Braspetro Production to Fall on Natural Decline in 2004
|Wednesday, August 13, 2003
The natural decline of the Colombian fields in which Braspetro, an overseas subsidiary of Brazil's state energy company Petrobras, operates means that production will be some 40,000 barrels a day (b/d) in 2004, down from 41,000b/d at present, Braspetro commercialization coordinator Miguel Olarte told BNamericas.
The figure is the total production from the company's fields: Braspetro's net share is 16,000-17,000b/d. Braspetro expects a full-scale waterflood at the Guando field in 2004 to counter falling production elsewhere. Production there will increase to 25,000-27,000b/d in 2004, up from 14,000b/d this year, Olarte said. Braspetro owns 30% of Guando, which is part of the Boqueron block in the Upper Magdalena Valley. Partners are Canada's Nexen (20%) and Colombia's state oil company Ecopetrol (50%). The total production prediction for 2004 does not include possible early production from exploration projects Tierra Negra and Rio Guape in the Llanos basin, and Monicongo, near the Espinal field in the Magdalena basin.
Braspetro will start 2D seismic at Tierra Negra in September-October and is doing studies at Rio Guape in preparation for starting seismic studies in 2004. The company is preparing to drill a deep well at Monicongo, which it owns on a 50:50 basis with Spain's Cepsa. Ecopetrol would probably back in with a 30% stake in the event of commerciality being declared at Monicongo, Olarte said.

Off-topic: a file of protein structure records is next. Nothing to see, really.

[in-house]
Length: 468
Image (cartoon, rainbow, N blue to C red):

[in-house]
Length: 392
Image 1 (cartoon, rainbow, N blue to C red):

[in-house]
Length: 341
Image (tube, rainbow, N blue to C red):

Early production from any of the projects could be trucked to an oil pipeline; pipelines would be built at a later stage. Braspetro is also carrying out studies on the Tafura block in the Upper Magdalena, and will start 2D seismic in 2004. It owns 50% of the block and is the operator; the Sipetrol overseas subsidiary of Chile's state oil company Enap owns the other 50%.
Braspetro (Petrobras International Braspetro BV) is one of two Petrobras subsidiaries in Colombia. The other is Petrobras Colombia Ltd, which owns the assets Petrobras bought from British oil company Lasmo in 1998. However, the two units are effectively managed as a single entity. Petrobras's purchase of Argentine energy company Pecom, now called Petrobras Energia, will probably not impact Braspetro in Colombia, as Pecom did not operate there, Olarte said. He did not rule out any acquisitions or divestments as a result of Pecom's incorporation into the Petrobras family, and said that at 40,000b/d, Braspetro's Colombian production is "not insignificant" compared to Petrobras Energia's 180,000b/d.
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